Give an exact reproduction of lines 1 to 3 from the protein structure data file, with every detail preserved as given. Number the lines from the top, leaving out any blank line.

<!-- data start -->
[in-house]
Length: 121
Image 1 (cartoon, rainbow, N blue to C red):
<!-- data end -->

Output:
[in-house]
Length: 121
Image 1 (cartoon, rainbow, N blue to C red):